But if you focus neither on the very short run not on the speculative future, what you see in Los Angeles is an economy that, like that of the United States, relates to the rest of the world in a way that is sometimes hard to grasp, but basically sensible and sound; the wealth of the city and the country is far more solid than the abstractness of the economy might lead you to fear. So next time someone tries to frighten you with the fear of global competition, and tries to prove his point by telling you about closing factories and declining manufacturing, consider the contrast between old Chicago and modern LA, and remind him: "I have seen the present, and it works!"

 

 

Edited by surrept33

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So, I hope everyone enjoyed the 4 year hiatus from war.  Biden and his ilk are just getting the team back in the game.  Might be a record.  They need a distraction so early in the game?  Just in case anyone might think this administration is soft on Iran?  Nah...

US bombs facilities in Syria used by Iran-backed militia

WASHINGTON (AP) — The United States launched airstrikes in Syria on Thursday, targeting facilities near the Iraqi border used by Iranian-backed militia groups. The Pentagon said the strikes were retaliation for a rocket attack in Iraq earlier this month that killed one civilian contractor and wounded a U.S. service member and other coalition troops.

The airstrike was the first military action undertaken by the Biden administration, which in its first weeks has emphasized its intent to put more focus on the challenges posed by China, even as Mideast threats persist. Biden’s decision to attack in Syria did not appear to signal an intention to widen U.S. military involvement in the region but rather to demonstrate a will to defend U.S. troops in Iraq.

“I’m confident in the target that we went after, we know what we hit,” Defense Secretary Lloyd Austin told reporters flying with him from California to Washington. Speaking shortly after the airstrikes, he added, “We’re confident that that target was being used by the same Shia militants that conducted the strikes,” referring to a Feb. 15 rocket attack in northern Iraq that killed one civilian contractor and wounded a U.S. service member and other coalition personnel.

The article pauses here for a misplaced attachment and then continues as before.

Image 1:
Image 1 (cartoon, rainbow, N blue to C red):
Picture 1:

Austin said he recommended the action to Biden.

(More at the link above)

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And you may recall that Joe's admin is going to get us back into the farcical UN powwow.  Let's rejoin the Human Rights committee again and appoint another Mugabe type to chair it.  Why not! 

Oh, and those dissidents from China?  Better report their whereabouts to the CCP so they can properly handle their "travel arrangements" and the those of their families, too, as a bonus.  No extra charge.  Have a nice trip.  Buh-bye.  

Leaked Emails Confirm UN Gave Names of Dissidents to CCP

(Excerpt)

Leaked emails prove that, contrary to United Nations denials, UN human-rights officials did in fact give the names of Chinese dissidents to the communist regime in Beijing before those activists were set to testify in Geneva against the Communist Chinese Party’s abuses.

In fact, it appears from the leaked documents that the practice of handing over names of Chinese dissidents to the dictatorship was viewed as a “usual practice” by all involved. The whistleblower told The Epoch Times that it continues to this day, despite UN denials.

Chinese communist authorities used the names received from the UN to prevent the dissidents from leaving China. At least one dissident identified by the UN and detained by the CCP before leaving for Geneva, Cao Shunli, died while in detention.

If the dissident expected to embarrass Beijing at the UN was already abroad, the CCP frequently threatened or even kidnapped and tortured the person’s family, according to UN whistleblower Emma Reilly, who first exposed the scandal.

Critics of the regime whose names were handed over by the UN included activists concerned about Tibet, Hong Kong, and the Islamic Uyghur minority in Western China—all of which are being targeted by the CCP for various reasons.

In February of 2020, The Epoch Times reported on the scandal, and on the retaliation faced by Reilly for attempting to expose and halt the practice. Reilly’s case at the UN is ongoing. She remains employed there but is under “investigation.”

Prominent human-rights organizations around the world have slammed the UN practice for endangering the lives of dissidents and their families.

In comments to The Epoch Times, Reilly described it as “criminal” and even argued that it made the UN “complicit in genocide.